Pedro Caixinha tells Rangers players ‘Play like it’s the final’

Ryan Jack made his first appearance for Rangers in last weeks first leg against Progres Niederkorn. Picture: SNS.
Ryan Jack made his first appearance for Rangers in last weeks first leg against Progres Niederkorn. Picture: SNS.
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Rangers manager Pedro Caixinha has told his players to treat their second leg against Progres Niederkorn like the Europa League final.

Caixinha’s squad travelled to Luxembourg for tonight’s first qualifying-round game with a 1-0 lead after European football returned to Ibrox last week following a six-year hiatus.

The Portuguese coach is looking for a more aggressive performance by his side and he left them in no doubt he wants them to go for victory at the Stade Josy Barthel.

Caixinha told Rangers TV: “You need to get on this game like it is a final – you are drawing the game and the team that wins, wins the trophy. That is the way we need to think about it.

“We know what to expect now and we think they are going to behave the same way. Most of the time you put on an opponent’s mind in order to see what they are going to do and how they are going to perform in order to organise the game, and I think they are going to do the same.

“That was the point to which we worked, knowing what to expect, and we have worked on going a little bit more out to occupy spaces, explore spaces and be better in the last third.

“We need to do exactly the same, and with those points in consideration, we need to play quickly and we need to 
be more aggressive on our offensive style.

“Sometimes we have to be more direct, looking even more to the goal than to preparing the build-up to the attack when it is not needed. And, we want to start strongly in order to impose our game on our opponent, and try to score as soon as possible.”

Caixinha felt only the final ball or finish was lacking 
when Rangers hosted their opponents last week.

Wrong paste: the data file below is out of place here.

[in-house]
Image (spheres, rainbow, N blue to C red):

He added: “So after six years, the first match of the season, and the first European match for many players in the squad, we did very well, and tomorrow, I think we will do even better.

“We are leading the game and we are not worried about the away goal. We are just worried about developing our process, and of course, always thinking about winning the game and by winning the game you have the away goal present.”

Rangers travelled without Barrie McKay, who is in their Europa League squad but has been training with the under-20s amid reports linking Nottingham Forest and Cardiff with potential moves for the winger, who has a year left on his contract.

Mexican signings Carlos Pena and Eduardo Herrera were in the 20-man party after failing to make the bench for the first leg and Caixinha revealed one of them would be on the bench.

The last time Rangers were successful in a two-legged continental tie, they overcame Sporting Lisbon to reach the last 16 of the Europa League back in February 2011.

In Luxembourg this evening, both the stage of the tournament and the standard of opposition are far more modest, and the 1-0 advantage secured by Kenny Miller’s goal at Ibrox is not as convincing a lead as they would have anticipated or hoped to take into the second leg.

Rangers can ill afford any sense of complacency in their approach to the task. But according to first-team coach Jonatan Johansson, that won’t be an issue.

“I don’t think it’s going to be easy away from home, it will be a tough game, we are not underestimating the task in any way,” said Johansson. “But I also feel very confident.

“We had them [Progres] watched many times and we knew it was going to be hard [in the first leg]. They are very well organised, they fight hard.

“It was the biggest game in their history so we knew it was going to be tough. There are no easy games in Europe.

“We have been very positive, there were a lot of positives to take out of the game. We had a meeting and we all agreed that we are going in the right direction.

“We played well, especially in the first half. We didn’t get the second goal but I am very confident we will go there and play well and score and go through.

“We looked very much a team, very much a unit, after only two or three weeks together with the [new] guys. The manager’s ideas were coming through in the game. What we were trying to do is clear.

“The first game was always going to be a little bit tense, with the crowd and everything else, it was a fantastic occasion at Ibrox. For some of the players it was their first time together and their first time at Ibrox, so it was always going to be tense. It’s good 
to play together and it will 
definitely have helped the guys for this game.”